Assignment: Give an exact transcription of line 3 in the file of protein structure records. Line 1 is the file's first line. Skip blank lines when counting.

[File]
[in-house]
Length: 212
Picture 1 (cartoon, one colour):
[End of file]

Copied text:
Picture 1 (cartoon, one colour):